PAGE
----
Compared to the White population the incidence of psychosis among people from the African-Caribbean community living in the U.K. has been estimated as from anything between two and 18 times higher. The reasons for this are not completely clear but some people have suggested that it reflects institutional racism on the part of mental health services who are more likely to diagnose Black people as suffering from psychosis. A team of researchers from the Institute of Psychiatry, King's College London studied 143 people. Half were suffering from their first episode of psychosis and half were healthy controls; within the two groups half were White and half Black. The researchers thought that the Black people diagnosed with psychosis would have less brain abnormalities associated with the condition reflecting the fact that at least some of their diagnoses were due to institutional racism. In fact there were no differences in brain structure between the Afro-Caribbean patients and the White ones and the Afro-Caribbean patients showed a greater loss of grey matter overall than the White ones; showing, that in this sample at least, genuine changes to brain structure may have been behind the diagnoses of the Black patients not just institutional racism. Other conclusions one could draw from this study include: (i) psychosis is a complex social and cultural phenomenon not easily reduced to questions of brain structure (ii) the changes to brain structure observed are the consequences not the causes of psychosis (iii) Afro-Caribbean people aremore vulnerable to psychosis but this is due to poverty, racism, prejudice and, for immigrants at least, isolation and culture shock (iv) Afro-Caribbean people are more vulnerable to psychosis for other reasons. Whatever the theories it will be a long, tortuous and controversial process before the higher rates of psychosis among Black people are properly explained.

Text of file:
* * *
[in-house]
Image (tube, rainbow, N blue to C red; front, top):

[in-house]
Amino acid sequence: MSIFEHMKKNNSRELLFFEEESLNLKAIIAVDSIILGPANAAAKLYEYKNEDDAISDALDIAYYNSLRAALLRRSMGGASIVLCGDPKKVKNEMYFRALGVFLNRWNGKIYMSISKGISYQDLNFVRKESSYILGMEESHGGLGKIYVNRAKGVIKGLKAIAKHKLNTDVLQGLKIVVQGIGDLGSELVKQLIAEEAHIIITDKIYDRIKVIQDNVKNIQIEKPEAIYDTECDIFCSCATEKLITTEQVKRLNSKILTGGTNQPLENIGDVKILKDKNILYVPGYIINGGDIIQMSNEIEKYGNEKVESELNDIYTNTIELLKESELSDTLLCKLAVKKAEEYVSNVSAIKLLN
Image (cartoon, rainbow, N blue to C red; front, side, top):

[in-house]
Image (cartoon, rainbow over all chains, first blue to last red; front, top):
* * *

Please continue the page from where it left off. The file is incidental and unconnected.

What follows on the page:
Morgan, K.D. ... [et al] - Differing patterns of brain structural abnormalities between black and white patients with their first episode of psychosis Psychological Medicine July 2010, 40(7), 1137-1147